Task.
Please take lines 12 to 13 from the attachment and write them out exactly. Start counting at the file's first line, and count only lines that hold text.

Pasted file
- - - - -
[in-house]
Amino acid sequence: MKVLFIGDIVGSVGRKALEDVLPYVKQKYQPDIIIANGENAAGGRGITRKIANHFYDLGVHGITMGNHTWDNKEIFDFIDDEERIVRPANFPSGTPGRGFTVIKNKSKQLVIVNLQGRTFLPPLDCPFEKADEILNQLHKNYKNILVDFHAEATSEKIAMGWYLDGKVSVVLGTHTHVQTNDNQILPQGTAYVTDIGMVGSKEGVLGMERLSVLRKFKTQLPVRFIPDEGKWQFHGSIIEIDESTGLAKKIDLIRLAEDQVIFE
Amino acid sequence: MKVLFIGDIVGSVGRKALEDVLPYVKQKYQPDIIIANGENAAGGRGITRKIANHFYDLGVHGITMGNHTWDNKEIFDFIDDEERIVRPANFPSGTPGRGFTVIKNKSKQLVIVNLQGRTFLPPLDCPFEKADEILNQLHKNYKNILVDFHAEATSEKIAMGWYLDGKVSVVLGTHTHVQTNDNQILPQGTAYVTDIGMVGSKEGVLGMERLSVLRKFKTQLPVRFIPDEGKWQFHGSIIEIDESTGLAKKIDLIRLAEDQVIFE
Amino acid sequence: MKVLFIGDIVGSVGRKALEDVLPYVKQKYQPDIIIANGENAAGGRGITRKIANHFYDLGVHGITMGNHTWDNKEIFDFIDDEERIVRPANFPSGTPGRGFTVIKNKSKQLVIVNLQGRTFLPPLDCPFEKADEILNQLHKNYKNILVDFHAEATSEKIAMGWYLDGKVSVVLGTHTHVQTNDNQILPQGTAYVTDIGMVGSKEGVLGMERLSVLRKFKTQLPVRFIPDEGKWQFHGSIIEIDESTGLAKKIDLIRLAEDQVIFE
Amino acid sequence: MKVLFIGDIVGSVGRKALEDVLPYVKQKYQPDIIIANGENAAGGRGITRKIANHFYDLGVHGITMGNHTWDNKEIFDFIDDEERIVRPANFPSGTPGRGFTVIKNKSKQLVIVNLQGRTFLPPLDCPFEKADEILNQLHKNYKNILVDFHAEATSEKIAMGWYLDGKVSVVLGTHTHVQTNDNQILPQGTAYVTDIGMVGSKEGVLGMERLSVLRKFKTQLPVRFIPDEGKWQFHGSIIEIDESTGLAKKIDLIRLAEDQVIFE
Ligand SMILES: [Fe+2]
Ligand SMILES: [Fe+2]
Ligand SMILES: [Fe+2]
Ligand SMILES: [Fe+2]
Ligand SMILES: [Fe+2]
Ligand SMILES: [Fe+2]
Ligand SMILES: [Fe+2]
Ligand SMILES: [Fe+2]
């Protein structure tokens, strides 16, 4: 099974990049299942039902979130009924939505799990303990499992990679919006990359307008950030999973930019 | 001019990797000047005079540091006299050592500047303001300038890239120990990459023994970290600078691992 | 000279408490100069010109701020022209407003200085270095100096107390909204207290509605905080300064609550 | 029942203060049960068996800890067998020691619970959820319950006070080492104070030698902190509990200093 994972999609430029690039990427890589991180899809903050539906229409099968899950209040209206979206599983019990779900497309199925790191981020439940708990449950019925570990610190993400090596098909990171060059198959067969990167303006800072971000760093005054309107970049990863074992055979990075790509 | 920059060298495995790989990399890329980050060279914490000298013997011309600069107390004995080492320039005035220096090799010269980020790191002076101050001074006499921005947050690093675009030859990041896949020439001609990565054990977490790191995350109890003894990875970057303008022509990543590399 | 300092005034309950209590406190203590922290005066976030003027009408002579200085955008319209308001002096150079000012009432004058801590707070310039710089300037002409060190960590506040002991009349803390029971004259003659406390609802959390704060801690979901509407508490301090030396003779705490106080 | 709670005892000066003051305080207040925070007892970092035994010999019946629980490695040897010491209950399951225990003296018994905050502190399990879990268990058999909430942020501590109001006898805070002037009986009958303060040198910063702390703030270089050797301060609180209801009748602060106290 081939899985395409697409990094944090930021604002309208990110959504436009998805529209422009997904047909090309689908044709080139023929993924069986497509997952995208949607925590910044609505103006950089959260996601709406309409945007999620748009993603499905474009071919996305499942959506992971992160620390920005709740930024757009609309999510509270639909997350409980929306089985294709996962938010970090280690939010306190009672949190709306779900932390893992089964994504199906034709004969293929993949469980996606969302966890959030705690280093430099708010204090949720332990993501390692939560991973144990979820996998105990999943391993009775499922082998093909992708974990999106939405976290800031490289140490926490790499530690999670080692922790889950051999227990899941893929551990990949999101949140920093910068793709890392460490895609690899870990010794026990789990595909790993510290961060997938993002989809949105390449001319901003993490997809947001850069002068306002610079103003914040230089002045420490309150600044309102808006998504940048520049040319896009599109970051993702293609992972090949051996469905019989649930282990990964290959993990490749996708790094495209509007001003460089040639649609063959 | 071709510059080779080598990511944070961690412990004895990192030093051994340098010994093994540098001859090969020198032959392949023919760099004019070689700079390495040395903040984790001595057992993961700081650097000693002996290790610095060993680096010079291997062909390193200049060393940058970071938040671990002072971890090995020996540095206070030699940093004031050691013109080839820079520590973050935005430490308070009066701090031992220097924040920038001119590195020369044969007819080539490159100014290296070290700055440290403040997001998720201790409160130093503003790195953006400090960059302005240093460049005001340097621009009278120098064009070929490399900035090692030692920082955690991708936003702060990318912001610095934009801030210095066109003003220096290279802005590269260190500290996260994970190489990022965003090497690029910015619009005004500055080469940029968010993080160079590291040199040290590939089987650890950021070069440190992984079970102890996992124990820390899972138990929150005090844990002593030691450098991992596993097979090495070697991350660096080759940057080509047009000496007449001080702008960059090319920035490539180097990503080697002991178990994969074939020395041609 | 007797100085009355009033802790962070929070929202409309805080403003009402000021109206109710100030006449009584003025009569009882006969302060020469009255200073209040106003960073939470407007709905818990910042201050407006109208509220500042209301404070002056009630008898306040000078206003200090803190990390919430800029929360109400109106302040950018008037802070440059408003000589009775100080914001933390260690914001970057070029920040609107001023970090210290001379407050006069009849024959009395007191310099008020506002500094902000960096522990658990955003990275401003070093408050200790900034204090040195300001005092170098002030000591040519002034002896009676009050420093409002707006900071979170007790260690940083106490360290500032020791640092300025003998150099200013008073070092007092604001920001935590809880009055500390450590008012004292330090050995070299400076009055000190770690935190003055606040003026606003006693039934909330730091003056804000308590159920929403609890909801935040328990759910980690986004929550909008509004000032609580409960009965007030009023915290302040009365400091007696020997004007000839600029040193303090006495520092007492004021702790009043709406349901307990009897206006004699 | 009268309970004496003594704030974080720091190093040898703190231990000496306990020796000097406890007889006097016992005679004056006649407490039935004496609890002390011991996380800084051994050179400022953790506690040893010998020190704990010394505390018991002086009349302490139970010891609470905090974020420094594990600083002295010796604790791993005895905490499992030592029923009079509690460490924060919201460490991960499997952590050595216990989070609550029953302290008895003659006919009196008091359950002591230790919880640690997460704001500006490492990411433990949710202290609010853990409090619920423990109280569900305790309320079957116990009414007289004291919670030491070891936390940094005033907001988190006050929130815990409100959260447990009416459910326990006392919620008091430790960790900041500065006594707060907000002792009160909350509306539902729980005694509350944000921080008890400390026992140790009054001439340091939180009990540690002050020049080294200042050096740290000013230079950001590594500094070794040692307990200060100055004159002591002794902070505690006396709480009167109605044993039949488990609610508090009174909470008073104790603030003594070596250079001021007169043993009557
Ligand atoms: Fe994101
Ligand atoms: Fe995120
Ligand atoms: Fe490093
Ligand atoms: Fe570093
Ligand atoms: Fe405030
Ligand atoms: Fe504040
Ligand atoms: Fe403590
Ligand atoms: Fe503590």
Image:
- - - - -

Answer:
Ligand SMILES: [Fe+2]
Ligand SMILES: [Fe+2]